The cat came back, the very next day. The cat came back - we thought he was a goner. But the cat came back, he just wouldn't stay away.
Ravage operates best when he operates alone.
He's a creature of the night and carries out most of his murderous mischief at that time. Often the other Decepticons have no idea where he is, but they know he's up to no good, so they don't mind. He is easily the craftiest of his comrades and is quick to devise deadly new strategies to be used against the Autobots. He tends to remain aloof from the others, but his deeds command their respect. He is an exceptionally efficient war machine.
Well now, isn't this interesting?
This is one unique little Alternator, here. He's only the second Decepticon to get something other than a retooled body. He's the first to have a non-humanoid alt mode. And he's the first character to make it into the line more than once. The tenth Alternator released was Battle Ravage, a retooled Corvette Z06 convertible. Of course, back in G1 he was a cassette tape, so that was a pretty big change.
The new Ravage (yes, they dropped the "Battle" part - the rights must have opened up) is,
appropriately enough, a Jaguar. A Jaguar XK Mark II, to be precise. This is the coupe, which was actually the second version designed. See, usually designers will make the normal car first, then cut the top off and call it a convertible - for the XK, designer Ian Callum started with the convertible and added a roof later. Since Hasbro licensed the car design from Ford, Ravage really looks like a spot-on 1:24 model of the sporty new Jag.
Even the interior of the car is detailed. The dashboard has all the readouts and gauges of the real vehicle,
and the combo of black and lavender-gray plastic most recalls the "charcoal with aluminum trim" option. The steering wheel and seats are adjustable, though the wheel doesn't turn. That's fine, though, because the tires are fixed, as well - they roll, but you can't "steer" the car like you can many of the other Alternators. The car's grill is actually designed to look like the 1960s Jaguar E-Type, which is neat, and the ten-spoke Senta tires show that Ravage has the $3,300 Luxury Package.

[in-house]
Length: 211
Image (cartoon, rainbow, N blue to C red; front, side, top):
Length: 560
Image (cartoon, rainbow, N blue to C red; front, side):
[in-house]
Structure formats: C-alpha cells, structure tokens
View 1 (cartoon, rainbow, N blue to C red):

Obviously, Ravage's transformation is pretty unrelated to his G1 incarnation's - sure, you could bluff about the legs moving the same way, but that's about it. Switching between modes on the Alternators
is aways pleasantly complex, and Ravage is no exception. It's a bit tough when you have to pull his limbs out to the sides, and until the very last steps he still looks like a car with legs, but it turns out okay. Surprisingly, the hood never separates from the rest of the front end - a shame, since the Jaguar XK is the first car with a system designed to cushion pedestrians in the event of a collision. If sensors in the bumper determine a pedestrian's been struck, tiny explosions lift the hood up, providing a bit of cushion between the falling pedestrian and the rock-solid engine block beneath.
There are a lot of visual parallels between G1 and Alternators Ravage, especially around the head and shoulders. One bad point is tht in cat form, he's not really solid - the top of the car just forms a bit of a hinged shell that lays over his back, rather than connecting. It's well-known that some car manufacturers were reluctant to sign for Transformers because they felt the break-apart panels made the car look like it had been in an accident; maybe Jaguar thought that way, too?
Ravage is highly articulated.
There are 12 joints in the legs, three in the tail, a balljoint for the neck, a balljoint for the head and a hinged jaw. He doesn't have an engine that turns into any sort of gun, but he does have the rocket launchers (or "boosters," as the package calls them) on his hips that the old tape had: they fold out of the trunk. Or is it "the boot," since this is a British car? The license plate says so. They're even on balljoints, for maximum poseability.
From tip to tail, Ravage is 9½" long.
A lot of fans tried to come up with a four-legged alt mode for the previous Alternators Ravage, and that works in reverse, too: you can stand this one up on two legs, if you're careful. Though why would you want to? It made sense that the last one stood up, since he was developed from the future version of Ravage seen on Beast Wars - this one is obviously an update of the cassette tape.
There used to be some confusion over what sort of animal Ravage was supposed to be. Apparently some Transfans thought he was supposed to be a wolf, rather than a panther. Why? Couldn't say. Hopefully Hasbro choosing a Jaguar for his alt mode has put that to rest.
If you've read the Alternators story, you know that Battle Ravage played a big part in it. No word, however, on what role new Ravage has to play. Probably won't be any word, either, unless Ravage gets released in Japan, like Nemesis Prime did. Heck, he was barely even released in America - no stores were interested in carrying the last two Alternators, so Ravage and Rumble only showed up in Europe. Thankfully, though, Wal*Mart came through, bringing US fans two exclusive Alternators that really broke new ground.